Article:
Who's In It: The voices of Steve Carell, Jason Segel, Russell Brand, Julie Andrews, Will Arnett, Kristen Wiig, Miranda Cosgrove, Dana Gaier, Elsie Fisher, Jemaine Clement, Jack McBrayer, Danny McBride, Mindy Kaling, Ken Jeong
The Basics: A bald, Euro supervillain named Gru (Steve Carell impersonating Tommy Wiseau), with his sights set on stealing the moon, finds himself in midlife crisis. A younger, well-connected supervillain named Vector (Jason Segel) just upstaged Gru by stealing an Egyptian pyramid and the aging Gru can't get funding from the Evil Bank to finance his own wrongdoing. Meanwhile three adorable orphan girls further complicate Gru's life by threatening to turn his heart soft like a kitten, which would ruin his misanthropy and potentially kill off his career for good. These are the pitfalls of single parenting.
What's The Deal: I hope this movie can emerge from the shadow of Toy Story 3 and find its own audience. Because while it's not as rich an experience as you get from the Pixar people, it's pretty great in its own off-kilter way. Instead of a bad guy coming in to intervene in the hero's story, the bad guy is the hero and delivers charmingly wicked Addams Family-inspired lines like this...
To his new daughters at bedtime: "Good night, sleep tight, don't let the bed bugs bite. There are literally thousands of them. And there's probably something in your closet."
To a neighbor who apologizes for dog poop in Gru's yard by telling Gru that dogs go wherever they want to go: "Unless they're dead."
In other words, black-clad parents who take their kids to Bats Day at Disneyland are going to love this.
It's A Wonderful Evil Life: There's a scene in the middle of the movie where the orphans and Minions come to Gru's financial rescue (they're essentially helping him with money he needs for equipment to commit his crime) and it's lifted more or less straight from the final scene in that Jimmy Stewart Christmas film. It's a good example of how the whole movie turns good and bad on its head in a bouncy, playful Bugs Bunny-ish way. Intelligent parents won't mind this because it'll give them a chance to talk to their kids about reality versus fantasy. The rest of you can sit around fretting about how Hollywood corrupts young minds while you turn your children into literalist robots.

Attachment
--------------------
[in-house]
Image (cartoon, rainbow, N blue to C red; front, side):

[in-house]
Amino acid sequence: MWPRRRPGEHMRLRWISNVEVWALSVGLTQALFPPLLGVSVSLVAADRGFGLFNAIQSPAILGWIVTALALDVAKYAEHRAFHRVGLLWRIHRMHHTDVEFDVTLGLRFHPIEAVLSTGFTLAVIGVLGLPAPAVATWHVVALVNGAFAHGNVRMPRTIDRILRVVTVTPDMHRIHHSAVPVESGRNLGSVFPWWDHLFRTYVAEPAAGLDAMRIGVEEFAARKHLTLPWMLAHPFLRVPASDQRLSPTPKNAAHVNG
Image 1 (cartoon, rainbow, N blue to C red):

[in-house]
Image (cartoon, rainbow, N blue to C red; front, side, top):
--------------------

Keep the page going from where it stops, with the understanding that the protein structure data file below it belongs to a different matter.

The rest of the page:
Big Fan Of: The little yellow Minions, those verging-on-annoying marketing hooks are actually hilarious supporting characters, a mashup of the acrobat insects from A Bug's Life and the spacemen from Toy Story. I am not a fan, however, of the promotional gimmick where you download an app to your phone that translates the Minions' credits-roll gibberish into English. We're already on an infuriatingly slippery slope with people wantonly using their phones during movies and this is a bad marketing idea for which someone should be punished, preferably with the Fart Gun invention from this very film.
3D Necessity: If you can see it in 3D then do so. It's bright and clean and visually aggressive, so it feels meant to be that way, especially for the moment when they all ride a crazy steep rollercoaster. It actually triggered my amusement park motion sickness for a second.